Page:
Coates keeps Sydney canal dry for restoration

One Sydney canal needed specialist attention. How do you keep the tide at bay while refurbishing a waterway for the local community?

How do you keep the tide at bay while refurbishing a waterway for the local community? Learn how Coates Engineering Solutions delivered a comprehensive dewatering and water treatment solution for D4C to keep construction work on track.

In November 2022, Sydney Water commissioned a consortium of engineering groups called Delivering 4 Customers (D4C) to revitalise Muddy Creek at Brighton-Le-Sands in south Sydney.

Despite its name, the creek will become a thoroughfare of native flora and fauna for the suburb. However, extensive work is needed. This includes re-laying the existing concrete canal and installing new sandstone embankments, along with naturalised banks with native plantings, a new elevated pedestrian bridge, and a widening of the creek.

To help with the refurbishment, D4C engaged Coates to design and implement a comprehensive water management solution. This solution included a tidal barrier and bypass pump system to prevent surface water from entering the canal during the works and a dewatering system to extract and treat groundwater.

“A tidal barrier is used to manage the tidal water that moves back into the canal,” says Coates Water Treatment Solutions Specialist Sobin Joseph.

“To achieve a flow rate of 60L/s, this system incorporates two electrical vacuum pumps to manage high flow – one operational, the other on standby – plus submersible pumps for managing low-level flow.”

Building a bypass for Sydney canal

Coates installed a kilometre-long bypass system designed to operate 24/7 and accommodate a flow rate of 90 litres per second. The system uses a combination of 150mm trailer pumps, 4- and 6-inch submersible pumps, and a flow meter. Backup pumps remain on site throughout excavation and construction to safeguard the bypass system in case of a breakdown.

“This site and solution are not straightforward, so D4C and Sydney Water needed confidence in a partner like Coates who could design and implement it without fail,” Joseph explains.

“We proposed a few different systems. Once the solution was chosen and commissioned, we had just two weeks to implement all the equipment.”

D4C Project Manager Conor Harten highlights the critical role of water management in the project.

“If the bypass pumps break down or the treatment plant doesn’t work and water quality is affected, we will have to stop work,” says Harten.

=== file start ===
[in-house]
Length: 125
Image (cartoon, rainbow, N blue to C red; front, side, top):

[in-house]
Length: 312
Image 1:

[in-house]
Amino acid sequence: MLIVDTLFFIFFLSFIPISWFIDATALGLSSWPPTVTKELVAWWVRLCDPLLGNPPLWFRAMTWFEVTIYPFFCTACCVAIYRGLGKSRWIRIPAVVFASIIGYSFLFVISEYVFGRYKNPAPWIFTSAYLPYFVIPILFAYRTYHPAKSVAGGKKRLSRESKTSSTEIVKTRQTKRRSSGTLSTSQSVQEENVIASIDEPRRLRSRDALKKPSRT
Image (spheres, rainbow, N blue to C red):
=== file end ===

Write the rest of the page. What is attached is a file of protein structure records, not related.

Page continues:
“But with stakeholders like local residents and Transport for NSW waiting to get on site, it’s important that construction work stays on track.

“So far, it has been a positive experience working with Coates to deliver this project. Their water management solution is working well, and we are receiving good support from the Engineering Solutions team.”

Supporting community in Sydney canal project

Sydney Water has promised the community that the project will benefit native flora and fauna while protecting aquatic wildlife from the draining of Muddy Creek. This involves carefully treating and monitoring all groundwater and rainwater runoff while the fresh concrete cures. Joseph says this process requires constant re-evaluation.

“When we started the project, the soil and groundwater were very acidic. Then, as they started pouring the concrete, the pH level became more basic,” he said.

“These levels kept changing each week, so we needed our technicians to visit the site regularly to make any required changes to the chemical programming.”

This was made even more challenging due to the height of the water table on site. Joseph explains that keeping the tide at bay was only one-half of the dewatering solution.

“To safely excavate to depths of 1 to 2 metres in an area where the water table sits less than 1 metre from the surface, a robust dewatering solution is required,” he says. “On-site water treatment is important for maintaining and improving groundwater quality, which contains varying sediment levels and other contamination.”

Despite all the challenges, Joseph says the project is progressing to plan. Coates’ water treatment solution has adhered to Sydney Water regulations, which require all groundwater to be treated and tested before being discharged.

“Over the past 12 months, our water treatment system has allowed all water quality criteria to be comfortably met,” he says.

“The improvement that Coates has achieved has kept water quality within the required range and is visibly obvious in the samples taken from this site.”

The project is expected to be completed by late 2024, when the Brighton-Le-Sands community will be treated to a flourishing creek and marshland – not to mention the wildlife that comes with it.

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